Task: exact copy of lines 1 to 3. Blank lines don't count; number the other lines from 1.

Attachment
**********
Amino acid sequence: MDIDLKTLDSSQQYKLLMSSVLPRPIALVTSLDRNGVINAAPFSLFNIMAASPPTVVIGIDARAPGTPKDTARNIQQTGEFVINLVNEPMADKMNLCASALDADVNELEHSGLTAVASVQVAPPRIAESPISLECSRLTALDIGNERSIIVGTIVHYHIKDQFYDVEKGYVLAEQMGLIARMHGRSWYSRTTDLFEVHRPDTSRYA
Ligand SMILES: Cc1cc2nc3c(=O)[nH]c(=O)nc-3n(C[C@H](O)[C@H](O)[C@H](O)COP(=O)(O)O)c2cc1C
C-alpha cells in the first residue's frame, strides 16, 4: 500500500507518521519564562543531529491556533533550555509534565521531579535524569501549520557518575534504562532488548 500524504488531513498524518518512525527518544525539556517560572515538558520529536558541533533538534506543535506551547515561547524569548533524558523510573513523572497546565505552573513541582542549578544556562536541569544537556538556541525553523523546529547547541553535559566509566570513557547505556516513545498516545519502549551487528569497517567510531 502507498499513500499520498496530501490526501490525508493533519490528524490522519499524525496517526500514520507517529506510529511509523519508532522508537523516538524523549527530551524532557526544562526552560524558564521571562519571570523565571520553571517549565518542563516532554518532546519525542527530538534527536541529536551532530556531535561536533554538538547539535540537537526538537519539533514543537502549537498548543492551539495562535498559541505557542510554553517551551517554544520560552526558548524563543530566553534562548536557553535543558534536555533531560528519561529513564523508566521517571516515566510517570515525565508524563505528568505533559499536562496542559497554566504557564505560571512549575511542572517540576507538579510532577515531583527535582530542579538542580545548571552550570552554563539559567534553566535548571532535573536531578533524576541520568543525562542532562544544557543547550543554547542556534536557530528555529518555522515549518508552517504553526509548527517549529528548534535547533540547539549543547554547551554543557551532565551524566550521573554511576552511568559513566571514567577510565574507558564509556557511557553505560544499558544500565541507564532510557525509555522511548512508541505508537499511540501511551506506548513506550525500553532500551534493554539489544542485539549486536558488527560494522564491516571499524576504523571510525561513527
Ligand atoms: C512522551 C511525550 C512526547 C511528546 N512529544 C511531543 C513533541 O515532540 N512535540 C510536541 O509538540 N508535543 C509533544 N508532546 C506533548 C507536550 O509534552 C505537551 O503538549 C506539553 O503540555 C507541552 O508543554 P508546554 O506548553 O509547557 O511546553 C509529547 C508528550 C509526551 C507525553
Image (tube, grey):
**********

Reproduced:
Amino acid sequence: MDIDLKTLDSSQQYKLLMSSVLPRPIALVTSLDRNGVINAAPFSLFNIMAASPPTVVIGIDARAPGTPKDTARNIQQTGEFVINLVNEPMADKMNLCASALDADVNELEHSGLTAVASVQVAPPRIAESPISLECSRLTALDIGNERSIIVGTIVHYHIKDQFYDVEKGYVLAEQMGLIARMHGRSWYSRTTDLFEVHRPDTSRYA
Ligand SMILES: Cc1cc2nc3c(=O)[nH]c(=O)nc-3n(C[C@H](O)[C@H](O)[C@H](O)COP(=O)(O)O)c2cc1C
C-alpha cells in the first residue's frame, strides 16, 4: 500500500507518521519564562543531529491556533533550555509534565521531579535524569501549520557518575534504562532488548 500524504488531513498524518518512525527518544525539556517560572515538558520529536558541533533538534506543535506551547515561547524569548533524558523510573513523572497546565505552573513541582542549578544556562536541569544537556538556541525553523523546529547547541553535559566509566570513557547505556516513545498516545519502549551487528569497517567510531 502507498499513500499520498496530501490526501490525508493533519490528524490522519499524525496517526500514520507517529506510529511509523519508532522508537523516538524523549527530551524532557526544562526552560524558564521571562519571570523565571520553571517549565518542563516532554518532546519525542527530538534527536541529536551532530556531535561536533554538538547539535540537537526538537519539533514543537502549537498548543492551539495562535498559541505557542510554553517551551517554544520560552526558548524563543530566553534562548536557553535543558534536555533531560528519561529513564523508566521517571516515566510517570515525565508524563505528568505533559499536562496542559497554566504557564505560571512549575511542572517540576507538579510532577515531583527535582530542579538542580545548571552550570552554563539559567534553566535548571532535573536531578533524576541520568543525562542532562544544557543547550543554547542556534536557530528555529518555522515549518508552517504553526509548527517549529528548534535547533540547539549543547554547551554543557551532565551524566550521573554511576552511568559513566571514567577510565574507558564509556557511557553505560544499558544500565541507564532510557525509555522511548512508541505508537499511540501511551506506548513506550525500553532500551534493554539489544542485539549486536558488527560494522564491516571499524576504523571510525561513527